By Lan Freitag
Twin Cities Habitat Staff Member
This post is part of our January Weekly Perspectives series, dedicated to sharing experiences Habitat employees have had learning more about homelessness, how it affects us, and how to effectively take action.
Recently, I was catching up with Sandra, a friend of mine that previously served as a homeless youth worker. During our conversation, she began telling me about one of her employees named Paul. When the 19-year-old was applying for a position at her restaurant, Sandra recognized the address that he used on the application as a local homeless youth shelter. Sandra quickly realized he was a good kid trying to find his way. She hired him as a dishwasher at her restaurant, and took him under her wing. She describes him as a "kind, eager to learn, and humble young man".
Sandra and Paul realized that Paul wouldn't be able to cash his checks because he didn’t have a Minnesota - issued ID, which requires applicants to provide a permanent address. This was one of the first things Sandra and Paul did together. Their next task was to educate Paul on saving money for future goals and expenses. As a result, Paul began putting aside money every week in Sandra’s office in preparation for purchasing his future home.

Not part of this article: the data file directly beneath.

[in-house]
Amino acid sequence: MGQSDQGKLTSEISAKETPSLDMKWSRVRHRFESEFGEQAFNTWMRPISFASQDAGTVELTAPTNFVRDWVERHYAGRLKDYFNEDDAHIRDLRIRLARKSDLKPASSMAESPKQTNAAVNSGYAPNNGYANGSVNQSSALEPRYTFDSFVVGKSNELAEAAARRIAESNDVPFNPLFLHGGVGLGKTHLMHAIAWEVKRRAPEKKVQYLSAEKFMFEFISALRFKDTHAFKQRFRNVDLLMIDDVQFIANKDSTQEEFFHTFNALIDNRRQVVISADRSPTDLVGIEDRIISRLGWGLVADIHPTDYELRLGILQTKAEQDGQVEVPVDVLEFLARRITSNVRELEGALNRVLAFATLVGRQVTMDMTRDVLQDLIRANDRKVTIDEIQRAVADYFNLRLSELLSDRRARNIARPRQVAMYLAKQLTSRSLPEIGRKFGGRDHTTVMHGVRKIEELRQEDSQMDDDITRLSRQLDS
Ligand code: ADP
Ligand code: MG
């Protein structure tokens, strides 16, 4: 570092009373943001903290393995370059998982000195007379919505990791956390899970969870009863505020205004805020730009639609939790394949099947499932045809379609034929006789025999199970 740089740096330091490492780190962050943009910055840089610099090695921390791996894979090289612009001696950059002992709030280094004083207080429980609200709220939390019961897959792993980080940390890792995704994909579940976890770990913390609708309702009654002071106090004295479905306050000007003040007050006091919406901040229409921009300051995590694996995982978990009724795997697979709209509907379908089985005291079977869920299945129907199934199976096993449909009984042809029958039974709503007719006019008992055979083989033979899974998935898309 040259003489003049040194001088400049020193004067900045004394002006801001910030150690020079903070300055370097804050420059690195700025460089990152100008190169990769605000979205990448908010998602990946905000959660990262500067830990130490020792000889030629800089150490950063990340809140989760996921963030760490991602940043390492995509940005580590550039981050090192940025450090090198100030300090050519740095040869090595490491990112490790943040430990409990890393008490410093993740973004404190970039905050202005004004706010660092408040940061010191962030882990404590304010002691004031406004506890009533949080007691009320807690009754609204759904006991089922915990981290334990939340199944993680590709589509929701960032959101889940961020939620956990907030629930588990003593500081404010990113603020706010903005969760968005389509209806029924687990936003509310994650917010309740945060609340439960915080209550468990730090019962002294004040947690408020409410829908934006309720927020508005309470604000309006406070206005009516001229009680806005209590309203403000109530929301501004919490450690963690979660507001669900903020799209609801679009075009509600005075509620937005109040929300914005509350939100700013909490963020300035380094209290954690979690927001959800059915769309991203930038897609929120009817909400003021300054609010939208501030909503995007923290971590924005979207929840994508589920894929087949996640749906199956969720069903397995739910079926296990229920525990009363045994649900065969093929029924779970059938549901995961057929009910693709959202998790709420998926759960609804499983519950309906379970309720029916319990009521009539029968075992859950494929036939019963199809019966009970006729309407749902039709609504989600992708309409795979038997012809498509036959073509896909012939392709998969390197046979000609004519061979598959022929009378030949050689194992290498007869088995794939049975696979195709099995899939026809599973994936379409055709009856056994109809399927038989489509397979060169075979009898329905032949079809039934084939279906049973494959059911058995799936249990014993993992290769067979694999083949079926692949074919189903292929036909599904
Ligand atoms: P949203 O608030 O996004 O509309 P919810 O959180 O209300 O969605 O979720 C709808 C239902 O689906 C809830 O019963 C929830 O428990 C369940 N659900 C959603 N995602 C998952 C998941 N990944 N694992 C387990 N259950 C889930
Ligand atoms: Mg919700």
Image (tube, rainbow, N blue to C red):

Tragically, Paul was violently shot to death the morning of Dec. 8, 2015. He was being robbed of his cell phone as he was waiting at a bus stop. The incident occurred at 7:00 a.m., shortly after Paul left the homeless shelter where he was staying, which closed at 6:00 a.m. – typical for local shelters. After Sandra shared Paul's story with me, she spoke the words that have haunted me ever since -- “…if he had stable housing, could this all have been avoided?”
Findings show that there are many others like Paul living in homeless shelters, nearly half (46%) of all homeless people are age 21 or younger.
Homeless youth struggle with numerous issues because of their age and lack of safe housing:
- They are too young to obtain rental housing on their own
- Without job experience or personal identification with a current address, they struggle to gain or improve upon their employment.
- They have had little or no access to health care, mental health, legal support or social services.
- Very often, their education is interrupted or curtailed.
That is why Twin Cities Habitat continues to work with other local organizations to push for resources to help provide programs and services across the housing spectrum.
Paul’s life ended way too early. How could his life have been different if he had stable housing?